Eight days, eight nights, and eight facts about Hanukkah. It’s a simple set up, so without further ado let’s delve into one of the most well known Jewish holidays.
1. It celebrates a miracle at the Temple
Like many holidays, the actual origins of it sometimes get obscured in all the celebrations and hoopla. In the case of Hanukkah, it’s meant to remember the liberation of the Temple in Jerusalem by the Maccabees. If that wasn’t enough, according to scripture the temple was purified and the menorah burned for a whole eight days despite being low on oil (makes sense now doesn’t it?).
2. It’s not mentioned in the Torah
While Hanukkah might dominate the headlines, it’s actually a holiday of less religious significance than others such as Passover or Yom Kippur. While it may not be mentioned in the sacred texts, it’s easy to see how the fun, family oriented gift giving aspect helped make Hanukkah so popular.
3. Left to right
When lighting the menorah, remember that it must be done left to right! But don’t do that until you place the candles right to left. This is so the new candles are given attention first as you work your way through all eight.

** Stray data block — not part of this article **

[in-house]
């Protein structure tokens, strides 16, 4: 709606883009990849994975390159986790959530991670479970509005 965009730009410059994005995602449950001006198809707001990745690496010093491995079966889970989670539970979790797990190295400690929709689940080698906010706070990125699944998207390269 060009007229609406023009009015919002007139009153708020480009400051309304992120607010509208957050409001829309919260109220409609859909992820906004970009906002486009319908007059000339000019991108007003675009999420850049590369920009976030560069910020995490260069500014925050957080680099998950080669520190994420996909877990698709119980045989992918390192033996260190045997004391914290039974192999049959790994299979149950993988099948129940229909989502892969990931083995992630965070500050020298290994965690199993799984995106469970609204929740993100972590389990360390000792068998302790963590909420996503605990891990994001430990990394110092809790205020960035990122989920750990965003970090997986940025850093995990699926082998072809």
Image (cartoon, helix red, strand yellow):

4. Hanukkah at the White House
Hanukkah used to be periodically recognized at the most famous house in the world, but it’s relatively recently that it became an annual tradition. Started in 2001 by George W. Bush, Barack Obama has since continued the annual get together – which is arguably the hottest ticket in town during the eight-day period.
5. Gambling with the Dreidel
The spinning top has become an integral part of any Hanukkah celebration, but its origins are perhaps not what you’d expect. It was students, studying the Torah illegally, who used it to convince Greek soldiers that they were actually just gambling.
6. Gift giving
While presenting revelers with gifts (especially children) has always been a part of the holiday, it’s really only become a more structured thing after the influence of Christmas.
7. The lunar holiday
Ever wonder why the holiday takes place at a different time each year? It’s so that four days into Hanukkah will be a new moon – the darkest day of the month. This is because the holiday is meant to bring light during dark times.
8. The gift of money
“Gelt” – that’s Yiddish for money – is the traditional gift during Hanukkah. Like most things, it’s been updated for the modern era so instead of gold coins, you can often expect savings bonds, cheques, or other financial boons. On a related note, this is probably a good time to suggest foreign cash as a gift for a loved one this holiday season.
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